Frequent Urination (cont.)
The treatment for frequent urination depends upon underlying cause.
- Urinary tract infection: The doctor will prescribe antibiotics. Drinking plenty of fluids is recommended.
- Diabetes: When blood sugar levels get very high, frequent urination is often one of the first symptoms. Treatment for frequent urination in diabetics involves close management of blood sugar levels.
- Diuretic use: Ask your doctor if you can take your diuretics in the morning, or less frequently. This may cause less trips to the bathroom at night (nocturia).
- Prostate problems: Problems with the prostate are usually treated by a specialist called a urologist. There are two common drug types prescribed for enlarged prostate: 5ARIs (5-alpha-reductase inhibitors), which reduce the level of the hormone that causes the prostate to grow, and alpha blockers, which relax the smooth muscle cells, including the bladder. Surgery may also be considered to treat prostate problems.
- Pregnancy: Frequent urination often accompanies pregnancy. There may not be much that can be done to reduce frequent urination, especially later in the pregnancy. Reduce consumption of diuretic fluids that contain caffeine, such as tea, soda or coffee, however, do not reduce overall fluid intake, as it is important to stay hydrated while pregnant. Consume most fluids during the day to reduce nighttime trips to the bathroom. When using the bathroom, it may help to lean forward slightly to help completely empty out the bladder.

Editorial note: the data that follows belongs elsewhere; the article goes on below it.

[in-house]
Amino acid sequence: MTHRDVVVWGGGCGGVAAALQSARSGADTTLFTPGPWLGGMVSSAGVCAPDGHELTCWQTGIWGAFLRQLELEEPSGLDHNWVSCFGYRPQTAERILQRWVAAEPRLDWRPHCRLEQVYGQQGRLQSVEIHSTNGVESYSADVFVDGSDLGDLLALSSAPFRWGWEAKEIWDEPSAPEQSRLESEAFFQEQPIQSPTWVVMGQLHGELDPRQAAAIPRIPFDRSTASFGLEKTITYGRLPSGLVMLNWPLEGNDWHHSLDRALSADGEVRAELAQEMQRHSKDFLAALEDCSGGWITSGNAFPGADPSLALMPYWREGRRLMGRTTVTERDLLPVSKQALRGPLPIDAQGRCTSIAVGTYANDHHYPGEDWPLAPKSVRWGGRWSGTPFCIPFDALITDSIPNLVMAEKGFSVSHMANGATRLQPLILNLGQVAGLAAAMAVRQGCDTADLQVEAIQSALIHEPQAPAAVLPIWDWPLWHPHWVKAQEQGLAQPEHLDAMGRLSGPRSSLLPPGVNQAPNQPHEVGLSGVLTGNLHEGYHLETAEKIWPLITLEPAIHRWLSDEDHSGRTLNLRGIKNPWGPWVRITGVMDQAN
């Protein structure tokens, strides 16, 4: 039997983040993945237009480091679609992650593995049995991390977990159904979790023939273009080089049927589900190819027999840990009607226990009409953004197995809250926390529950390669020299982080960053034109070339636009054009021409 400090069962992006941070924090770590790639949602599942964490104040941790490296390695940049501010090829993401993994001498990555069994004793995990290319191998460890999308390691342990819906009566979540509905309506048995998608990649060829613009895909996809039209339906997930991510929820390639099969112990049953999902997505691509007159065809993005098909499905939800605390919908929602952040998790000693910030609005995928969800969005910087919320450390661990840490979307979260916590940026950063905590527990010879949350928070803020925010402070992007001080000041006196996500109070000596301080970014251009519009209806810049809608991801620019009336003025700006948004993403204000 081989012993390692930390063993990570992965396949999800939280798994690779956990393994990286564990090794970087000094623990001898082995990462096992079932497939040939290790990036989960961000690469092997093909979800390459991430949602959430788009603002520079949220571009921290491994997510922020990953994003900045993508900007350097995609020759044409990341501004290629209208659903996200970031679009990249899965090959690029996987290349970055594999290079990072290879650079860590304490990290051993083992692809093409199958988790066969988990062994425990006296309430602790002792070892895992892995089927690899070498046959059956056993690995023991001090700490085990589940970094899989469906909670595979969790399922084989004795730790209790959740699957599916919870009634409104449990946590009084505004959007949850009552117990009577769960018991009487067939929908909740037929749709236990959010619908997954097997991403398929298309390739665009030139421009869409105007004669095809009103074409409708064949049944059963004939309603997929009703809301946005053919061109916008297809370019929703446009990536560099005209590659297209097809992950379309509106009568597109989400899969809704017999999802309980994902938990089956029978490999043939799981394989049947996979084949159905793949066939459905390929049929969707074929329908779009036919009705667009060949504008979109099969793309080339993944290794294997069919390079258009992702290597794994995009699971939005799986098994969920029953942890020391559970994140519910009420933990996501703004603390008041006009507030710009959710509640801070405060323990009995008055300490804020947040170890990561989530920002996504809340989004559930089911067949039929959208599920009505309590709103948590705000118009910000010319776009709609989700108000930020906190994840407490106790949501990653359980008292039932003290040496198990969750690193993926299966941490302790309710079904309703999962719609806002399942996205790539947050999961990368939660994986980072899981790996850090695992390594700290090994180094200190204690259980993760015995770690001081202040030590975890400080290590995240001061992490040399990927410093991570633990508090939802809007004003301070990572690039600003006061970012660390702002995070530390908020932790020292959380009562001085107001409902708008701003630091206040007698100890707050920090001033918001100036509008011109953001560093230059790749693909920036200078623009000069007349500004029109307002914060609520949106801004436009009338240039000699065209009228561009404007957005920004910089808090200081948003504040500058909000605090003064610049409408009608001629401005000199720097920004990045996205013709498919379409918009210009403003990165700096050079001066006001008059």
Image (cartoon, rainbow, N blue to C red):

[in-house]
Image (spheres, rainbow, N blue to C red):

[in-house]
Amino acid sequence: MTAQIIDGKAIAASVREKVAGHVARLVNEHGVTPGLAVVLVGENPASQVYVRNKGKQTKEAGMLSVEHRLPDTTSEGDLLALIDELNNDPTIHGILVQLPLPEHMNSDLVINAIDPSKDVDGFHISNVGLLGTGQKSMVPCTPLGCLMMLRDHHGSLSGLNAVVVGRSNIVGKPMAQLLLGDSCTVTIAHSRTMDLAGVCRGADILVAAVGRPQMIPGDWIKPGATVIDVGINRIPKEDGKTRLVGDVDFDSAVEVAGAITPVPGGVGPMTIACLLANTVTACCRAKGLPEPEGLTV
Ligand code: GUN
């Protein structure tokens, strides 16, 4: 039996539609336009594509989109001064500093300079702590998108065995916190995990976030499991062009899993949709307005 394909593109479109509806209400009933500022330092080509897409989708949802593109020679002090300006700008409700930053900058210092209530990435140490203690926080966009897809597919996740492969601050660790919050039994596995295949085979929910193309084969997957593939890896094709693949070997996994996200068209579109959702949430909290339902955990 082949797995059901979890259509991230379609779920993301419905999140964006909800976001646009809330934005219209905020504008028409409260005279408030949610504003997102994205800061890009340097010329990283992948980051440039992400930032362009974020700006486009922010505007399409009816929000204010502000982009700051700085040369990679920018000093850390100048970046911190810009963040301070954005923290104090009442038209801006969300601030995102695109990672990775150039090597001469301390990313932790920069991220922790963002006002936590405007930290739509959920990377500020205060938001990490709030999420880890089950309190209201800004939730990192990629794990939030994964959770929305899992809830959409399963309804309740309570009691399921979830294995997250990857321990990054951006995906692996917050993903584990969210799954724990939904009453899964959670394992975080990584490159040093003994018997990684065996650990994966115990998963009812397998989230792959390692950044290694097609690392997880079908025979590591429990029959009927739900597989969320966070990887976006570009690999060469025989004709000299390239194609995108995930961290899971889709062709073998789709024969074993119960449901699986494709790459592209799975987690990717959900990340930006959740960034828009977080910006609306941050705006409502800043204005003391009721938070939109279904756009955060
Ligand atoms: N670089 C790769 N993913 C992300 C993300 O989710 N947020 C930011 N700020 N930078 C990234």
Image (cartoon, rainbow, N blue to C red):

- Interstitial cystitis: This condition usually requires treatment by a urologist who specializes in interstitial cystitis. It may be treated medically with medications, including drug pentosan polysulfate sodium (Elmiron), tricyclic antidepressants, pain medications or antihistamines. Surgical treatment may be necessary.
- Stroke or other neurological diseases: Depending upon the cause, the urinary frequency may be treated with medication or behavioral therapy, such as bladder retraining (see below).
- Bladder cancer: Treatment for bladder cancer should be directed by a urologist. It may involve
surgery, chemotherapy and radiation.
- Overactive bladder syndrome: The first-line treatment for overactive bladder syndrome usually involves bladder retraining (see below). Treatment also may include drugs such as tolterodine (Detrol LA), oral oxybutynin (Ditropan), darifenacin (Enablex), transdermal oxybutynin (Oxytrol), trospium (Sanctura XR), solifenacin (VESIcare),
mirabegron (Myrbetriq), or onabotulinumtoxinA (Botox). Treatments that involve
nerve stimulation include percutaneous tibial nerve stimulation (PTNS) and
sacral nerve stimulation (SNS).
- Artificial sweeteners, alcohol, caffeine and other foods: Avoid foods and beverages that irritate your bladder or act as a diuretic.
Medically Reviewed by a Doctor on 6/3/2014
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